Published in AFR by Sarah Turner – AFR 13/1/20 (Original Source Link Here)
Australian investors took a step back at the start of the week, with caution emerging after the market smashed through record highs last week.
The S&P/ASX 200 index slipped 0.4 per cent to 6903.70, paring gains made during the first weeks of 2020 to 3.3 per cent.
The US markets provided a weak lead for Australian investors on Monday, with Wall Street pulled down on Friday by mildly disappointing jobs data.
“There is nervousness out there” as the Australian benchmark approaches the 7000-mark, said Romano Sala Tenna at Katana Asset Management.
But, with interest rates at record lows, there is scope for more gains, Mr Sala Tenna said. He’s content to hold onto the equity positions in his portfolio and will consider increasing those positions.
The fund manager is keen on firms that offer sustainable yield, including the banks. “We think the selling on the banks has been overdone,” he said.
Gold miners are another area of interest for the fund manager, who sees the gold price supported by central bank money printing.
On Monday, Resolute Mining shares rose 1.8 per cent to $1.125 after it poured 384,731 ounces of gold in 2019 and recorded sales of 394,920 ounces.
Elsewhere in the sector, Evolution Mining rose 2.8 per cent to $3.68 and Northern Star climbed 1.6 per cent to $11.63.
Energy companies came under pressure, with Oil Search down 1.9 per cent to $7.79 and Woodside down 1.2 per cent to $35.43 a share.
Oil prices recorded their worst week since July last week as investors tipped the easing tensions between the US and Iran wouldn’t disrupt access to the world’s crude oil supplies.
In the healthcare sector, CSL shares dropped 1.6 per cent to $294.50.
Also on the downside, Apollo Tourism & Leisure fell 9.3 per cent to 39¢ after warning that the bushfires raging through parts of the country were likely to dent the company’s full year profit in fiscal 2020.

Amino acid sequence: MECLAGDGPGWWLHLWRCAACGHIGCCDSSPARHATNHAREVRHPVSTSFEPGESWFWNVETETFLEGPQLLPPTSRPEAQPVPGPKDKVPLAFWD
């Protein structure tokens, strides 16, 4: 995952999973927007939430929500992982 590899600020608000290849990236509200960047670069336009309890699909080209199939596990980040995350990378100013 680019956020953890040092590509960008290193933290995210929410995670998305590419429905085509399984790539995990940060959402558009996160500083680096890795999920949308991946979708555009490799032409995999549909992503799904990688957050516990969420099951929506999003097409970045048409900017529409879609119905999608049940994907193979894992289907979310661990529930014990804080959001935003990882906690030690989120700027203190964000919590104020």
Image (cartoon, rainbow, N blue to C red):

Apollo said it’s unlikely to reach the underlying net profit of $14.7 million it recorded in 2019, with last minute peak summer bookings hit and forward bookings expected to be damaged as well.
Four wheel drive parts company ARB, fell 2.2 per cent to $19.02 over the session.
Expected lower four wheel drive sales, foreign exchange headwinds and margin pressure led Citi to cut net profit estimates by 5 per cent to 9 per cent to fiscal year 2022.
A2 Milk slipped 1.1 per cent to $14.21 after revealing its chief technical officer Phil Rybinski will leave the company.
Chief operations officer Shareef Khan will assume responsibility for technical function activities on an interim basis ahead of a more permanent leadership arrangement.
Meanwhile, Morgan Stanley turned the focus to the major supermarkets, with an upgrade to equalweight from underweight for Woolworths and a downgrade to underweight from equalweight for Coles.
The time is right to start to differentiate between the giant operators, after a stellar year for the share prices of both major operators in 2019, the broker said. The broker believes that this calls for a focus on strategic execution.
Coles shares fell 1.2 per cent to $15.47 while Woolworths shares lost 1 per cent to $37.43.
Metcash managed to gain, however, rising 2.8 per cent to $2.59 after Morgan Stanley lifted its price target on the firm to $2.95 from $2.90 and retained an overweight rating.
It said that the firm’s approximate 50 per cent discount to the ASX industrials ex financials sector is “too cheap.”
AfterPay was the strongest performer in points and percentage terms, up 4.5 per cent to $32.53.
The gains came after Zip Co released its trading update for the December quarter, reporting a 24 per cent quarter-on-quarter jump in revenue to $38.5 million. Zip shares rose 3.1 per cent at $3.64.
Platforms business Praemium advanced 4.7 per cent to 55¢ after total funds under administration grew to $20.3 billion by December 31, 2019. The firm’s international business now has $3.1 billion in funds under adminstration, with 2019’s gross inflows up 81 per cent on 2018.